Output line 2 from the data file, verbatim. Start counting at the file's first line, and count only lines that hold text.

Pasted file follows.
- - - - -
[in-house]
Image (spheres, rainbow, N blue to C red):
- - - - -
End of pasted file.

Image (spheres, rainbow, N blue to C red):